BOSTON (CBS) — Blame Canada. That is where all of our frigid, Arctic air has been coming from for the last several weeks and now they are sending some snow our direction.
Typically, our big snow storms come up the East Coast, drawing in moisture from the south and the Gulf of Mexico, sort of like what happened this weekend. We do not typically get a whole lot of snow when a storm comes from the northwest or from Canada. These storms tend to be on the wimpy side without a whole lot of moisture to work with. We call them, “Alberta Clippers” because they come out of the Province of Alberta, Canada. They tend to zip right by New England, clipping us along the way with a touch of snow and then on to bigger and better things out over the open ocean.
That will essentially be the case with Tuesday’s storm, but this “Clipper” will begin to develop rapidly once it hits our coastline and we will catch just the beginning of this intensification. The tricky call is just how quickly it will develop and how much snow can it drop as it passes by.
Here is our latest projection, step by step, inch by inch:
10 a.m. and Noon:
The snowfall will likely start around 10 a.m. in western and central Massachusetts and around noon in eastern sections including Boston. It will start as snow everywhere even down on the Cape. Temperatures will be very cold tonight and tomorrow, so expect a very fluffy snow anywhere away from the Coast.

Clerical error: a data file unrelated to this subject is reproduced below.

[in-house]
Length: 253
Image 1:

2 p.m. and 5 p.m:
Between 2 and 5 p.m. the snow will become steady and will accumulate an inch or two prior to the evening commute. Some warming will occur from south to north, changing the snow over to a mix and rain over extreme southeastern Massachusetts and Cape Cod. This will limit the total snowfall down there to an inch or less on the Cape and 1-to-2 inches over inland southeastern Massachusetts.
5 p.m. and 8 p.m:
Between 5 and 8 p.m. the snow will continue steadily for areas north and west of Boston. There may be some additional northward movement of the mixing line in this time frame. The South Shore and even as far north as Boston may experience some mixing. Regardless, the snow will be much wetter along the coast and in southeastern Massachusetts, compacting more readily and not accumulating as well as north and west. Most of the snow accumulation will be over by 8 p.m., dropping a widespread total of 2-to-4 inches in most areas.
8 p.m. and 11 p.m:
Between 8 and 11 p.m., the rain and snow will taper off, but there may be a final burst of snow in coastal New Hampshire extending into northeast Massachusetts including Essex County. If this does occur, than we could see final snow totals as high as 5 or 6 inches in those areas. Again this depends on how much the storm is able to develop before moving east out to sea.
So by no means is this a major event, in fact we are rating it as a 1 on our iScale, meaning a relatively low impact for the region.
However, it most certainly is going to slow the evening commute on Tuesday and require additional plowing and shoveling.
The good news is, this should be our last dose of snow for a while. We finally warm up by the end of the week, reaching near 50 degrees on Friday!
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